Today in Amanda Bynes: No Charges for the Driveway Fire, a History of Mental Illness, and Parents Who Are Stepping In
Amanda Bynes may currently be on a 5150 psychiatric hold so doctors can figure out just what's going on in her brain, but the good news is she won't face criminal charges for lighting a stranger's driveway on fire.
Hey, even small victories count.
However, while she'll escape punishment for the indiscretion, she can't send her lawyer packing just yet. There's still that DUI in Los Angeles and those reckless endangerment charges in NYC to contend with.
But Amanda, 27, has bigger problems. Friends are now coming out of the woodwork to claim that even when she was a teenager, she thought smoke alarms and clocks were being used to spy on her. And in later years she supposedly began sputtering a nonsense language of her own making.
"When she was living at her apartment near New York’s Times Square, neighbors spotted her wandering the halls and talking to herself in unintelligible sentences," a source said.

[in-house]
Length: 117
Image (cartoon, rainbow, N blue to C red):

Some are convinced Bynes is schizophrenic, and that her Adderall use is exacerbating the illness. The ADHD drug (also a Lindsay Lohan favorite) is a notorious appetite suppressant, and insiders say Amanda's been taking it to help her achieve her bizarre stated goal of only weighing 100 pounds -- but it could also be increasing her paranoia.
Since being placed under the care of doctors this week, she's reportedly been begging for Adderall -- and been denied.
Meanwhile, her parents have hired a lawyer who's helping them file the necessary paperwork for a conservatorship that they could get as early as Friday. According to a source, they'll petition to be their daughter's "temporary proposed conservators," and they also want "control of her personal and financial affairs."
We wish them the best of luck. Man, are they gonna need it.
UPDATE: TMZ is reporting that Rick and Lynn Bynes "have just filed court documents asking a California judge to impose a conservatorship on their daughter due to her apparent mental illness." The court hearing is Friday but it may not be the slam-dunk it seems -- California has tough rules about what does and doesn't qualify for conservatorships.